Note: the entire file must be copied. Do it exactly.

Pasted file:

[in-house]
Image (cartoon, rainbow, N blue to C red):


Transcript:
[in-house]
Image (cartoon, rainbow, N blue to C red):